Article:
Seniors have a number of important decisions to make, but few have the long-term impact of deciding when to begin taking their retiree benefit from Social Security.
As you may already know, there are four primary factors that go into determining what your monthly payout will be at full retirement age -- i.e., the age at which the Social Security Administration (SSA) deems you eligible to receive 100% of your monthly payout, as determined by your birth year. These four factors include your work history, earnings history, birth year (which determines your full retirement age), and the age at which you begin taking benefits.
Here's how your Social Security benefit is determined
Generally speaking, the more you make each year, up to a certain point, the higher your monthly Social Security benefit will be. The SSA takes into account your 35 highest-earning, inflation-adjusted years when arriving at your annual average, which it then divides by 12 to determine your average indexed monthly earnings.
Your full retirement age acts as the pivot point that'll help determine whether you can expect a permanent reduction or increase in your monthly payout. Most folks have a full retirement age of 66, 67, or somewhere in between. Claiming benefits at any point before your full retirement age means accepting a permanent reduction of as much as 30% to your monthly payout, depending on your birth year. Meanwhile, claiming later than your full retirement age could boost your monthly benefit by up to 32% (again, depending on your birth year). In general, your monthly payout grows by approximately 8% for each year you hold off on taking it, beginning at age 62 and up until age 70.
Finally, there's your claiming age. As alluded to, taking benefits as early as possible (62) can mean a significant reduction in monthly payouts, whereas waiting as long as possible (70) can result in a much larger monthly stipend. All things being equal (work and earnings history, along with birth year), a worker claiming benefits at 70 could receive a 76% larger monthly benefit check than an individual claiming at 62.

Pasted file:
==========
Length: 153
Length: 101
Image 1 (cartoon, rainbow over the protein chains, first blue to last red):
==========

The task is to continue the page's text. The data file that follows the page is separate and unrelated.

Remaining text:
Claiming at your full retirement age has unique benefits
There is no perfect claiming strategy for everyone, which is why it's such a big decision for seniors. While keeping in mind that there is no one-size-fits-all strategy, here are three under-the-radar reasons you should consider waiting until at least your full retirement age before taking benefits.
1. You'll avoid the retirement earnings test
Arguably the best reason to hold off on taking your Social Security retired-worker benefit until your full retirement age is that it'll mean completely avoiding the retirement earnings test.
The retirement earnings test allows the SSA to withhold some, or all, of your benefits if you exceed a certain income level and have not yet reached your full retirement age (which the SSA often calls a "normal retirement age"). People who have begun taking their payout before their full retirement age, and who won't reach their full retirement age this year, are only allowed to earn up to $17,640 ($1,470 per month) in 2019 before withholding kicks in. For each $2 in earnings above this level, $1 in benefits can be withheld.